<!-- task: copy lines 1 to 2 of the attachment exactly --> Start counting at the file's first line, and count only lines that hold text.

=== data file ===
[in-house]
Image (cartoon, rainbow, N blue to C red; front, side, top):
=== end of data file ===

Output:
[in-house]
Image (cartoon, rainbow, N blue to C red; front, side, top):